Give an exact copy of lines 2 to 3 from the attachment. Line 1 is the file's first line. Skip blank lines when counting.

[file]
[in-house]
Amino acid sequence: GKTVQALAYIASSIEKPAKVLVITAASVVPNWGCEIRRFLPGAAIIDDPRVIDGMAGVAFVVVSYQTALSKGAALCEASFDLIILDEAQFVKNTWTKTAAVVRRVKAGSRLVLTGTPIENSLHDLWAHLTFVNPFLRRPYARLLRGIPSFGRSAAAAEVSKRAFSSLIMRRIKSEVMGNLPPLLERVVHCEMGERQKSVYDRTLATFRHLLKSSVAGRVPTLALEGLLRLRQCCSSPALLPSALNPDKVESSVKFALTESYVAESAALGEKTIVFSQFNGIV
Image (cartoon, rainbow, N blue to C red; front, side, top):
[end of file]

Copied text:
Amino acid sequence: GKTVQALAYIASSIEKPAKVLVITAASVVPNWGCEIRRFLPGAAIIDDPRVIDGMAGVAFVVVSYQTALSKGAALCEASFDLIILDEAQFVKNTWTKTAAVVRRVKAGSRLVLTGTPIENSLHDLWAHLTFVNPFLRRPYARLLRGIPSFGRSAAAAEVSKRAFSSLIMRRIKSEVMGNLPPLLERVVHCEMGERQKSVYDRTLATFRHLLKSSVAGRVPTLALEGLLRLRQCCSSPALLPSALNPDKVESSVKFALTESYVAESAALGEKTIVFSQFNGIV
Image (cartoon, rainbow, N blue to C red; front, side, top):